RF power amplifier

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An RF power amplifier Graduate School Project (2870679632).jpg
An RF power amplifier
Class C VHF power amplifier based on the transistor MRF317. MFR317 FM amp.jpg
Class C VHF power amplifier based on the transistor MRF317.

A radio frequency power amplifier (RF power amplifier) is a type of electronic amplifier that converts a low-power radio-frequency signal into a higher power signal. Typically, RF power amplifiers drive the antenna of a transmitter. Design goals often include gain, power output, bandwidth, power efficiency, linearity (low signal compression at rated output), input and output impedance matching, and heat dissipation.

Transmitter Electronic device that emits radio waves

In electronics and telecommunications, a transmitter or radio transmitter is an electronic device which produces radio waves with an antenna. The transmitter itself generates a radio frequency alternating current, which is applied to the antenna. When excited by this alternating current, the antenna radiates radio waves.

Gain (electronics) ability of a  circuit to increase the power or amplitude of a signal

In electronics, gain is a measure of the ability of a two-port circuit to increase the power or amplitude of a signal from the input to the output port by adding energy converted from some power supply to the signal. It is usually defined as the mean ratio of the signal amplitude or power at the output port to the amplitude or power at the input port. It is often expressed using the logarithmic decibel (dB) units. A gain greater than one, that is amplification, is the defining property of an active component or circuit, while a passive circuit will have a gain of less than one.

Gain compression

Gain compression is a reduction in "differential" or "slope" gain caused by nonlinearity of the transfer function of the amplifying device. This nonlinearity may be caused by heat due to power dissipation or by overdriving the active device beyond its linear region. It is a large-signal phenomenon of circuits.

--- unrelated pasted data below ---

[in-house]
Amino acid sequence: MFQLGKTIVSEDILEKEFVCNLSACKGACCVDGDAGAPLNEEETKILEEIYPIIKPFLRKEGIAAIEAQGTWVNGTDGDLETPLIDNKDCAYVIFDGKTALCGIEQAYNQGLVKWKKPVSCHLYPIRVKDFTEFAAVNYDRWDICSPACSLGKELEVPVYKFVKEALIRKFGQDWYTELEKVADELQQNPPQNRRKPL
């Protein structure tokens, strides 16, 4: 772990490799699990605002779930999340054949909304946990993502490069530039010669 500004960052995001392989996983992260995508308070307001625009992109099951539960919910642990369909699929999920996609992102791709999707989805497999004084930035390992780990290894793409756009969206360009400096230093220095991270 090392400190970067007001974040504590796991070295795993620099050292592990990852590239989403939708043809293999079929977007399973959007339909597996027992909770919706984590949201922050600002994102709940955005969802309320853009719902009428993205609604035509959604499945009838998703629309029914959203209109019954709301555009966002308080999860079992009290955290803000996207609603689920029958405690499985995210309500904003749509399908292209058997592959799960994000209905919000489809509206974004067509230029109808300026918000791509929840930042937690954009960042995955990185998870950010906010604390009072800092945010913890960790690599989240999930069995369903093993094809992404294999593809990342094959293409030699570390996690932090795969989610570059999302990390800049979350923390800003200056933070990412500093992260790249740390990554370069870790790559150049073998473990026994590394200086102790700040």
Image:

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Amplifier classes

Many modern RF amplifiers operate in different modes, called “classes”, to help achieve different design goals. Some classes are class A, class AB, class B, class C, which are considered the linear amplifier classes. In these classes the active device is used as a controlled current source. The bias at the input determines the class of the amplifier. A common trade-off in power amplifier design is the trade-off between efficiency and linearity. The previously named classes become more efficient, but less linear in the order they are listed. Operating the active device as a switch results in higher efficiency, theoretically up to 100%, but lower linearity. [1] Among the switch-mode classes are Class D, Class F and class E. [2] The Class D amplifier is not often used in RF applications, because the finite switching speed of the active devices and possible charge storage in saturation could lead to a large I-V product [1] , which deteriorates efficiency.

Class-D amplifier

A class-D amplifier or switching amplifier is an electronic amplifier in which the amplifying devices operate as electronic switches, and not as linear gain devices as in other amplifiers. They operate by rapidly switching back and forth between the supply rails, being fed by a modulator using pulse width, pulse density, or related techniques to encode the audio input into a pulse train. The audio escapes through a simple low-pass filter into the loudspeaker. The high-frequency pulses, which can be as high as 6 MHz, are blocked. Since the pairs of output transistors are never conducting at the same time, there is no other path for current flow apart from the low-pass filter/loudspeaker. For this reason, efficiency can exceed 90%.

Solid state vs. vacuum tube amplifiers

Modern RF power amplifiers use solid-state devices such as bipolar junction transistors and MOSFETs. [3] Transistors and other modern solid-state devices have replaced vacuum tubes in most electronic devices, but tubes are still used in some high-power transmitters (see Valve RF amplifier ). Although mechanically robust, transistors are electrically fragile they are easilly damaged by excess voltage or current. Tubes are mechanically fragile, but electrically robust they can handle remarkably high electrical overloads without appreciable damage.

Bipolar junction transistor transistor that uses both electron and hole charge carriers.In contrast,unipolar transistors such as field-effect transistors,only use one kind of charge carrier.For their operation,BJTs use 2 junctions between 2 semiconductor types,n-type and p-type